Sunday, July 26, 2015

How many cows for that woman?

We have been here on our mission for almost 17 months and still I experience - "did you see that" moments.  I have to admit, I love it.  This past week we saw a child being carried in a cardboard box on top of their head, a man by the side of the road with his pants down, his legs straight in the air and rubbing his bum and a jerry can wagon without wheels and two kids being pulled inside.  Ok, what did you see this past week?  :)

I am afraid there will be many more videos this week because we got to play "dress up" and I wore a kanzu and Sister Squire wore a Gomesi (both are traditional dresses for special occasions).  The special occasion was one of our assistants to the president (APs) was married and invited us to the wedding and introduction.  He did it backward for Africa because he was married the day before the introduction.  Usually, you have the introduction and then a church wedding after.  The introduction can also serve as a wedding ceremony.  This is one area where Africa really has gotten off track (in my view) with how a marriage should work.  Here you pay Lobola or bride price for your wife.  The groom has to come up with whatever negotiated amount (not cheap) the aunties can get out of him.  For our past elder it was a dining room set, a whole bunch of individual gifts for all the family members, a rocking chair, money, roosters, a half a beef, a cow, and tons of commodities to cook with.

So a new couple either moves in together because they cannot afford to get married (the bride price)  or they start off with a huge debt to pay along with trying to get schooling and raising a new family.  Elder Dallin H. Oaks in March of 2012 gave a great talk called The Gospel Culture.  Elder Oaks says this about bride price: "seriously interferes with young men and women keeping the commandments of the restored gospel of Jesus Christ.  When a young returned missionary must purchase his bride from her father by a payment so large that it takes many years to accumulate, he is unable to marry or cannot do so until middle-aged.  This conflicts with the gospel plan for sexual purity outside marriage, for marriage, and for child rearing."  He goes on to say how the practice should be discontinued so young couples can get married and prepare for the temple and families.  In this talk Elder Oaks praises many of the gospel traits that Africa symbolizes such as family loyalty and modesty.

There are other cultural traits that are contrary to gospel teachings.  For instance the man rests while the woman does most of the work around the house and outside the home.  The wife and children are more servants to the husband rather than a team working together. 

In America, marriage is becoming an option, not a necessity.  The family is the foundation on which all gospel principles are taught by word and by example.  We cannot get away from it and have success as a nation.

Here is the bride (Carol) getting ready at the mission home before President Chatfield married them.  Usually not allowed before the introduction ceremony.  They did it backwards because they wanted to be married.


Sister Squire did another great job with the cake.


Look at those shoes!


Married at last.

Does this dress make my butt look fat?  No, Elder but the rest of you sure does.  This is the next day and everyone has to dress in traditional clothing.  A Kanzu for men and Gomezi for women.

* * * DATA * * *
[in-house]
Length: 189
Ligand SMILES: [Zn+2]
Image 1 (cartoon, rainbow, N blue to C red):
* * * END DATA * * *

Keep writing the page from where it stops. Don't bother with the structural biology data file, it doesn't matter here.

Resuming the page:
Sister Squire making friends with part of the booty.


President Chatfield runs cattle so he gravitated to the cow.  The basket has some roosters for the family in it.


This is at Chris's home loading everything up before heading over to the party at the brides home.


A marked man.


I thought all along this was Chris mother but it turns out it is his aunt and neither mom is allowed to come to the ceremony.  They are to stay home and pray everyone will accept the gifts offered as adequate.


The bride in her first change of clothing.  Very fancy gomesi with lots of bead work.


Half way through we stop for eats.  They have two MCs going back and forth all day, one for the bride side and one for the groom.


Here is the half of beef for the dowry.  The leave one leg on so they know you aren't slipping some other type of meat past them.


Usually this would be the gifts for the new married couple.  Not here, it is the price of giving up a daughter they have invested so much in.


The second change, an orange number.  I didn't get a good picture of this one.


The third change, a regular looking dress.


This is the brides side and the guy with the mike is their MC.


This will be a lot of videos but I tried to capture the culture of this ceremony.  In may ways it was very interesting (once) to see how formal and fun for those involved.  They dance and banter back and forth the entire time. The women in pink are the Bridesmaids. 




The girls in green are the teenage cousins.


The even got some white guy who really couldn't dance to come up. These are the older cousins in Yellow.


Sister Squire however really cut a rug (no idea what that means).  These are the boy brothers and cousins. If some of these thin women seem to have a big booty, it is because they all pad their behinds.  The men in Uganda find a women very attractive if they have a large behind.


These are the Aunties.



After dinner the presents are all brought in on top of the grooms family and friends heads.


These are some of the younger cousins.



I am glad I was able to support one of our great missionaries but once is enough for me.  All day affair. 

1 comment:

  1. I love all of the videos! What an experience!

    ReplyDelete